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Involuntary resettlement in Jamuna bridge project: impoverishment risks and reconstruction measures

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dc.contributor.advisor Chowdhury, Abdul-Muyeed Ahsan, Md. Quamrul 2010-09-26T09:18:09Z 2010-09-26T09:18:09Z 2007 2007-01
dc.identifier.other ID 05162005
dc.description This dissertation is submitted in partial fulfillment of the requirements for the degree of Master of Development Studies, 2007. en_US
dc.description Cataloged from PDF version of dissertation.
dc.description Includes bibliographical references (page 81- 82).
dc.description.abstract Development projects often entail displacement of population. Every year millions of people in the world are involuntarily displaced due to infrastructure building programs. The affected population is seldom properly rehabilitated and is sacrificed for rather than benefited from development. The severe economic, social, cultural and environmental problems faced by the people often lead them to impoverishment. During any involuntary displacement, there exist eight general sub-processes that converge in impoverishment. Proper knowledge about these impoverishment processes can influence resettlement planning and implementation and they can also be purposively used to counteract the adverse effects. About 4000 acres of land have been acquired for the construction of the Jamuna Bridge. The Project has displaced people living at the vicinity of the bridge site and affected the income and livelihood of about one lac people. The project authority (Jamuna Multipurpose Bridge Authority, JMBA) adopted a Resettlement Action Plan for proper resettlement of the Project Affected Persons (PAPs). The main objective of the resettlement plan was at least to restore the standards of living and income earning capacity of the PAPs, if not improved after resettlement. This dissertation attempts to explore the impact and effects of resettlement on the economic life and livelihood of the project affected people. Firstly, it analyzes the impoverishment processes as risks and entitlement packages of the resettlement plan as counter risk measures in the context of Jamuna Bridge Project. Secondly, it examines whether the Project Affected Persons (PAPs) have restored their pre-project standard of living or not. It also attempts to shed some light on the reasons for non-restoration of former standard of living. It is evident from the study that despite the adoption of a generous Resettlement Action Plan the Project Affected Persons of the Jamuna Multipurpose Bridge Project have not been able to reconstruct & restore completely their pre-project living standards in the post-project stage. The major failure was the inability of the affected population to regain or recoup the amount of land lost due to acquisition. Despite this deprivation the resettlement program attained considerable success in other dimensions. There has been a marked increase in the average annual income of the indirectly affected households. The directly affected households have been able to virtually restore the status of pre-project income. The quality of housing for the displaced people has also improved. Programs like providing squatters and uthulies with a piece of homestead land and providing project affected persons with access to health services, drinking water and sanitation have been very successful. This dissertation, finally, discusses some strategies that may be adopted by the implementing agency in future projects entailing displacement and resettlement. en_US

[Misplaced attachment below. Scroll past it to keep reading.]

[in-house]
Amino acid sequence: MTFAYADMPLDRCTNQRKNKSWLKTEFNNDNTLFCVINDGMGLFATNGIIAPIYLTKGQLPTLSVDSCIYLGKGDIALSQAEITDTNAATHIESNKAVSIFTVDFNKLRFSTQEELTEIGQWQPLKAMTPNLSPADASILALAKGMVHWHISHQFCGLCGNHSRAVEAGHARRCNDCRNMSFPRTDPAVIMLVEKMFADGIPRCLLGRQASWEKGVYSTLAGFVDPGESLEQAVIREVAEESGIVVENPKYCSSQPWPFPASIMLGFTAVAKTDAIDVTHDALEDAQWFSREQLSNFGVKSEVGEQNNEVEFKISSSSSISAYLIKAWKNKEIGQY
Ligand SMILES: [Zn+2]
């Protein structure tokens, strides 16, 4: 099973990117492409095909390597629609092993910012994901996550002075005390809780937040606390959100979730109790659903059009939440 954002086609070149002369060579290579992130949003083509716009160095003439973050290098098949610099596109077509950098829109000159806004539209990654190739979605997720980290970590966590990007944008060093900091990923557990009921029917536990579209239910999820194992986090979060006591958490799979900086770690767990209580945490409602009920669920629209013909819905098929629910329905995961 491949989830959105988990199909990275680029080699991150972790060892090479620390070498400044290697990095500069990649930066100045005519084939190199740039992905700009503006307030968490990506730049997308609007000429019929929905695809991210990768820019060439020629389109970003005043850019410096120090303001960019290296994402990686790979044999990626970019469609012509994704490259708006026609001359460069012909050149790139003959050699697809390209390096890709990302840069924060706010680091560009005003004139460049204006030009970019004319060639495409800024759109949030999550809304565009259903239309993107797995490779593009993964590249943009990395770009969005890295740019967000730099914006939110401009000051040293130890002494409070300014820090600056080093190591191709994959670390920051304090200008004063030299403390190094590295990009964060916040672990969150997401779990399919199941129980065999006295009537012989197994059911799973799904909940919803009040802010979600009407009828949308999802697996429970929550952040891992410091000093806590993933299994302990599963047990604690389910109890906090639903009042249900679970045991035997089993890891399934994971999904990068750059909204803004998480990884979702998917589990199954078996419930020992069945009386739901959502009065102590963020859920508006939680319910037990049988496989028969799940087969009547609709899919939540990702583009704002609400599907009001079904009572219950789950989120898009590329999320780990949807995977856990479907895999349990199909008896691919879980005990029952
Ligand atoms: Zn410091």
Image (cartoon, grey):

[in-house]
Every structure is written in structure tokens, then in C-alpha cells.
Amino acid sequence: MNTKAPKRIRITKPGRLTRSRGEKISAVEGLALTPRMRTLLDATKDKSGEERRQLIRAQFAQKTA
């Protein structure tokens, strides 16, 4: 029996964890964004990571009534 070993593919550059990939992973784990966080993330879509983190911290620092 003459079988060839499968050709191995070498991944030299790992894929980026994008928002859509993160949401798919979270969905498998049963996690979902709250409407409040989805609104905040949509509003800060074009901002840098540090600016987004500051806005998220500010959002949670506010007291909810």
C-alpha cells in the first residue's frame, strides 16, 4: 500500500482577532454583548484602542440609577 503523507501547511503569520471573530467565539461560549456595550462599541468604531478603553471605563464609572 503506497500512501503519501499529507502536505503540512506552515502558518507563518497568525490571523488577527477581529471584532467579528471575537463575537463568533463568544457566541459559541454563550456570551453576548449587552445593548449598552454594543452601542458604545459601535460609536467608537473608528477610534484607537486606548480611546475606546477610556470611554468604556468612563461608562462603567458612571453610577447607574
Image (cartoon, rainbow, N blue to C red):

dc.description.statementofresponsibility Md. Quamrul Ahsan
dc.format.extent 82 pages
dc.language.iso en en_US
dc.publisher BRAC University en_US
dc.rights BRAC University dissertation are protected by copyright. They may be viewed from this source for any purpose, but reproduction or distribution in any format is prohibited without written permission.
dc.subject Developmental studies programs.
dc.title Involuntary resettlement in Jamuna bridge project: impoverishment risks and reconstruction measures en_US
dc.type Dissertation en_US
dc.contributor.department BRAC Development Institute, BRAC University M. Development Studies

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